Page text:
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  1. RS says:

    What a terrific post (and comments) on this topic. I too have had to grapple with this issue over the past 10 months after losing my mother.

    I too have had to greatly adjust my expectations of my friendships, yet I still particularly agree with this poster: “There is a reason why wakes, funerals, and other rituals have endured. For one thing, they help people connect when someone has experienced a death of a loved one. Look, I don’t expect my friends to say the “perfect” thing, but golly I do expect them to show up. I expect a note, even if it says nothing more than “I’m sorry for your loss.” I expect a phone call, something. It’s what grown-ups do, and “death denying culture” be damned.”

    Thank you so much for providing some different viewpoints – I will be writing a blog post on this and will link when it’s done!

  2. Anonymous says:

    I was disturbed at how my friends responded when my father was dying; they didn’t seem to pay any attention at all to what was happening. Some had lost parents and some had not. I did not consciously think of this as a litmus test, but I lost faith in these friendships. I realized I had chosen friends who would not be there for me in a crisis in the way I had been for them.

    A few people who I did not know well reached out to me when my father was dying. This was surprising and comforting. None of these people grew into better friends, but their actions were important. I feel good when I think of what they did.

    When I was seriously ill, the ‘friends’ who had been absent when my father was dying were a bit more present. Some, however, broke my confidences and others seemed to revel in the drama of my sickness.

    People have the right to behave however they like; what I can do is have realistic expectations about others and choose my friends much more carefully.
    ~ Birdie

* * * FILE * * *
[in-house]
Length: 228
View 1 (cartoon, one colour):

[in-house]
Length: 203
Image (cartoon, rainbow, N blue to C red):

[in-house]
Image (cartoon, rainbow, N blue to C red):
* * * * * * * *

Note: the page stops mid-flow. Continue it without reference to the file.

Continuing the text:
3. lacole says:

    But what about in the situation when the person hasnt passed away yet, but is very ill??….would you expect then to hear from a past friend?…my mother in law is very ill, brain cancer. My husband heard from my ex-bff concerning the situation, but I havnt heard a word. No, she isnt my mother, but I have known her for 28 years, she was like my own mom (who passed away 20 yrs ago). Is expecting my ex-bff to only contact my husband 1. because its his mom 2. her and I are no longer friends??..I know of the roles were reversed, there is no doubt I would have reached out to her, to see how she was, if there was anything she needed or just to let her know I was thinking of her. At one time, she was my bff, doesnt that count for something at a time like this?? Am I being unreasonable??

  4. Anonymous says:

    I’m sorry, but I think it’s utter nonsense to give a pass to someone who (a) hasn’t had enough life experience or (b) who is afraid of dying or (c) who is “uncomfortable” with death or (d) who is too freaking “busy” with stuff to offer condolences. There was a time in our society, I believe, when people mostly just knew, from observations or from their family or church or school or whatever, that YOU DO SOMETHING, ANYTHING, when a friend loses a loved one. Especially a parent! For goodness’ sake, let’s stop giving people a freaking pass on this matter. Really! This is ridiculous. I’m thinking now about people I barely knew who had the guts and common decency to write on a piece of plain note card “I’m sorry about your mother’s death.” And signed their name. That meant a hell of a lot to me. It was making an effort. They didn’t have to say the right thing or buy the right card. They didn’t have to “know me well.”